Screen Shot 2017-04-20 at 7.06.34 PMWhy do so many of us feel compelled to check our smart phones so frequently? And why do we get an anxious feeling if we haven’t checked our phone recently? In a recent 60 Minutes segment, Anderson Cooper explored our obsession with our smart phones and the physiological reaction many of us have, such as every time we get an alert on our phone, it triggers a release of cortisol, which makes us anxious, and our goal is to rid the anxiety so we keep checking in.

Addiction Explained

Everywhere you go today, in the U.S. or abroad, you see people of all ages walking around with their heads down looking at their phones. According to Tristan Harris, a former Google product manager, the smart phone is like a slot machine, every time you check it, you’re pulling the lever to see if you get a reward. And the rewards are texts from friends, new likes, cute emoji’s, etc.

Read more after the jump…

PR Snafus from the Week that Was — and Social Media’s Response to Them

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There’s a social media axiom heavily utilized – some would say over utilized – by those seeking to juxtapose gaffes alongside even bigger gaffes. That term? “Hold my beer.” To say it was used a lot this week might be an understatement. In this week’s editions of Weekly Reads, we take a look at how social media responded to some of the biggest PR snafus from the week that was. 

USA Today: Airlines take to Twitter to exploit United’s misfortune

United Airlines CEO Oscar Munoz has put his foot in his mouth several times in the wake of a video-taped incident that saw a United passenger dragged off a flight. Munoz may also now regret the time he described his competitors in the Persian Gulf as “not real airlines.” At the very least, it seems Emirates and Royal Jordanian airlines haven’t forgotten about that old comment, as both took to Twitter this week to reexamine it alongside some of United’s recent blunders.

Read more after the jump…

The Art of an Apology Tested in the Past Week

sorry_desuIt’s been a week of very public apologies: Pepsi, United Airlines and White House press secretary Sean Spicer.

Without getting into the merits of each crisis communication instance, since we have already worn a path around the water cooler, in general there are some best practices to make an effective apology that will at least take a bit of the sting out of a negative situation.

Immediacy: When something goes wrong and your reputation is at stake, the sooner you apologize, the better. This can be difficult, without knowing all the facts and when dealing with legal issues. But, an immediate apology that expresses remorse, admits responsibility, makes amends and promises that it won’t happen again should still feel real without having completed a full investigation.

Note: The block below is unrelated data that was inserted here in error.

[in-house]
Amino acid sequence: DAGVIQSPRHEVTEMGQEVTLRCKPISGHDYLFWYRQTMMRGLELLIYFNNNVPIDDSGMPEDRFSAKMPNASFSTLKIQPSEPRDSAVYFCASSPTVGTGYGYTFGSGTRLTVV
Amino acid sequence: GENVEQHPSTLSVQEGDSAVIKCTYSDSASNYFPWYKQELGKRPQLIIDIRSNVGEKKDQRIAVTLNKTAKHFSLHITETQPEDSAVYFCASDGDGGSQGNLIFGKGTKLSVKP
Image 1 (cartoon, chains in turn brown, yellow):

Use Social Media: Either through Twitter, Facebook, YouTube — apologize on a platform that your target audiences are following. Read more after the jump…

Sources for Social Media Ideas

Social Media Ideas ResearchWhere do you get your social media ideas? When you hear the words “brainstorming” or “creativity,” you may not immediately associate them with science and research, but I do. When I see a calendar invitation to a brainstorming session, I make a note to make time for some research. I’m not talking about what competitors are up to, though that too is important. I’m talking about finding a LexisNexis log in and doing some digging to see what the scientific community says about the topic. You’d be surprised what exists out there to inspire your work.

Most recently, I did some work with a child abuse prevention nonprofit and stumbled across the amazing Frameworks research that studied how people in various demographics responded to different message framing related to child abuse prevention. This research is widely used amongst nonprofits working on this topic. It has great insights like “because so many frames have the effect of lifting support for child abuse and neglect policies, child welfare advocates on this issue have the opportunity to create some synergy across child development issues by using frames that also elevate other areas of child development.”  To translate, there are many ways of talking about child abuse that can be effective, but a few strategic ones will also help everyone else working on the topic. In coming up with ideas for this April, which is child abuse prevention month, we kept that research in mind.

The child abuse example is just one of many. If the topic relevant to you doesn’t have extensive existing research there can be more broad ways to investigate, such as looking for research related to online giving and social pressure for nonprofits. Or even understanding theories related to how people choose what to buy. This study tested whether people offered a coupon for jelly bought more when they could choose between 26 flavors or 6 flavors. More people were attracted to the big display, but more people actually bought jelly when there were fewer choices.

If you want to propel your agenda, build a movement, and change the narrative, you’re going to need some powerful social media ideas for content. Why not start with a Google search to leverage psychology, cognitive science, and the latest social science research to help lead you to success?